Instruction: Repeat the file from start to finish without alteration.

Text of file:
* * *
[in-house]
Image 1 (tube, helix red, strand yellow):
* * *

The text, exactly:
[in-house]
Image 1 (tube, helix red, strand yellow):